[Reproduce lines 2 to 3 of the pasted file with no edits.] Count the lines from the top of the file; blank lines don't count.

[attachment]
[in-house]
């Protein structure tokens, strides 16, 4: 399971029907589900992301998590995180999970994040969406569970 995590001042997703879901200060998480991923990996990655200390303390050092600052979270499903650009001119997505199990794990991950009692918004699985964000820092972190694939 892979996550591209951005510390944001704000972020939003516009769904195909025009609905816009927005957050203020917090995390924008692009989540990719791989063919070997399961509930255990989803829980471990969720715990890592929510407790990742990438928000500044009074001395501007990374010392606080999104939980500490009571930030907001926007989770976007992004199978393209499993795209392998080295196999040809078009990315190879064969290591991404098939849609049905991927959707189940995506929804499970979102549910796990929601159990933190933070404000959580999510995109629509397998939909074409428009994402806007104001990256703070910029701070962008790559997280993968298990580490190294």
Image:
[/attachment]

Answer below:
């Protein structure tokens, strides 16, 4: 399971029907589900992301998590995180999970994040969406569970 995590001042997703879901200060998480991923990996990655200390303390050092600052979270499903650009001119997505199990794990991950009692918004699985964000820092972190694939 892979996550591209951005510390944001704000972020939003516009769904195909025009609905816009927005957050203020917090995390924008692009989540990719791989063919070997399961509930255990989803829980471990969720715990890592929510407790990742990438928000500044009074001395501007990374010392606080999104939980500490009571930030907001926007989770976007992004199978393209499993795209392998080295196999040809078009990315190879064969290591991404098939849609049905991927959707189940995506929804499970979102549910796990929601159990933190933070404000959580999510995109629509397998939909074409428009994402806007104001990256703070910029701070962008790559997280993968298990580490190294």
Image: